Fair Elections in Haiti: Imagine the Possibilities!

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Post by admin » Wed Aug 24, 2005 11:55 pm

Great article, Jaf ! There's just one thing in it that I keep wondering about... and for which I still have not found any plausible answer that is solidly grounded in reality. Here it is:

[quote]Second, Aristide's return to complete a botched second mandate is being demanded by himself and by his supporters as part of a national reconciliation process which they insist must include free elections.[/quote]

[quote]Yes to genuine and fair elections, following the release of all political prisoners and the return of Haiti's exiled constitutional president, Jean-Bertrand Aristide.[/quote]

Here are my questions. They are not addressed to you in particular, as I am not trying to put you or anyone else on the spot. I simply want to air out all those questions that have been swirling in my head that no one advocating the return of the constitutional president has bothered to address.


1) The free, genuine and fair elections

- Are those predicated only on the return of Aristide from exile and the release of all the political prisoners?

- If not, what process would you put in place to be in a position to certify that the elections are free, genuine, and fair?

- Which observers would you trust? Would they include the Organization of American States and the United Nations?

- Would they receive the financial assistance of CIDA or USAID, and if not who would fund them?

- Is it even conceivable that they would take place inside of the current electoral timetable (that is, accounting for the installation of a legislative chamber and then a new president on February 7, 2006) or would the time be pushed to allow for any and all contingencies?

2) The return of Jean-Bertrand Aristide from exile

- Since the mad dogs are already out, how would they be forced back in their cages? The sni
pers are still at their positions on the rooftops, how would one go about disloging them or disabling their guns? What force would shield Jean-Bertrand Aristide from their line of fire?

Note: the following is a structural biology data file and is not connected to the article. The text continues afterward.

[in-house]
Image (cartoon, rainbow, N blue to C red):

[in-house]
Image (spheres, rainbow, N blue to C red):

- Would Aristide return tomorrow, or for the sake of argument let's say September 7, 2005 (though the logistics of his return, if it were at all politically possible, would require a much lengthier preparation, and there is absolutely no doubt about that) mark the resumption of his executive mandate for the remaining 5 months of his constitutional term, that is until February 7, 2006? Or would he benefit from the concession of the time usurped by the "de factos" ?

- If he were not to benefit from the concession of time usurped from him, what significant project might he then be able to accomplish in the remaining five months (and in all probability... far less, simply based on the logistics of his theoretical return) ?

- What would truly prevent the returning government from being subjected to a third
coup d'état?

- What force would protect the President from being killed by his political enemies?

Please do not see the above as an argumentation FOR or AGAINST the return of Jean-Bertrand Aristide to Haiti in any particular capacity (but most interestingly, to finish his presidential term). I firmly believe that Jean-Bertrand Aristide should not be in exile today in South Africa. He deserves to be and to live in his country. I also firmly oppose the degenerative habit of coups d'état in Haiti that always end up making matters far worse than before for the great majority of Haitians living in Haiti. Perhaps not all Haitians, but definitely most of them. There is absolutely no sign of visible progress today after the coup d'état of February 2004. The Nation, if one can speak of such, has taken a huge step backwards.